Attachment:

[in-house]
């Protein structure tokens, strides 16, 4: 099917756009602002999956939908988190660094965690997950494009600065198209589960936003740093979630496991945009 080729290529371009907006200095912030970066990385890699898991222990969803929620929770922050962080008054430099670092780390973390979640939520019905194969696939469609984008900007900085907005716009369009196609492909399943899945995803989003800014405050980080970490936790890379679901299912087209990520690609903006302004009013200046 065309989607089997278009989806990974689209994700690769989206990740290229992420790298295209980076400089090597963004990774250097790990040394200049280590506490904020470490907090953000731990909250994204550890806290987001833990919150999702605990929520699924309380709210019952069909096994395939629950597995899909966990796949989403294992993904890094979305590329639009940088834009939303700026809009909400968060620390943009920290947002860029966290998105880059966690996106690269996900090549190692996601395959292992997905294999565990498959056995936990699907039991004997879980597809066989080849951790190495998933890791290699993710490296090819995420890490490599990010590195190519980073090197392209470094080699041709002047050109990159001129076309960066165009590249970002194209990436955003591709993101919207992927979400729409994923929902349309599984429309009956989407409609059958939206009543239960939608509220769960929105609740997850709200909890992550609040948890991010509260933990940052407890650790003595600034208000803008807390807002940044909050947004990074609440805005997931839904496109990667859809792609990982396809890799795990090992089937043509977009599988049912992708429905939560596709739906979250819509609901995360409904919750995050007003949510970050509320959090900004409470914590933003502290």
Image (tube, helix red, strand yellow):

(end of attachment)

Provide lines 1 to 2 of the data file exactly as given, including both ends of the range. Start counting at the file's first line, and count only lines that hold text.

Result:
[in-house]
């Protein structure tokens, strides 16, 4: 099917756009602002999956939908988190660094965690997950494009600065198209589960936003740093979630496991945009 080729290529371009907006200095912030970066990385890699898991222990969803929620929770922050962080008054430099670092780390973390979640939520019905194969696939469609984008900007900085907005716009369009196609492909399943899945995803989003800014405050980080970490936790890379679901299912087209990520690609903006302004009013200046 065309989607089997278009989806990974689209994700690769989206990740290229992420790298295209980076400089090597963004990774250097790990040394200049280590506490904020470490907090953000731990909250994204550890806290987001833990919150999702605990929520699924309380709210019952069909096994395939629950597995899909966990796949989403294992993904890094979305590329639009940088834009939303700026809009909400968060620390943009920290947002860029966290998105880059966690996106690269996900090549190692996601395959292992997905294999565990498959056995936990699907039991004997879980597809066989080849951790190495998933890791290699993710490296090819995420890490490599990010590195190519980073090197392209470094080699041709002047050109990159001129076309960066165009590249970002194209990436955003591709993101919207992927979400729409994923929902349309599984429309009956989407409609059958939206009543239960939608509220769960929105609740997850709200909890992550609040948890991010509260933990940052407890650790003595600034208000803008807390807002940044909050947004990074609440805005997931839904496109990667859809792609990982396809890799795990090992089937043509977009599988049912992708429905939560596709739906979250819509609901995360409904919750995050007003949510970050509320959090900004409470914590933003502290």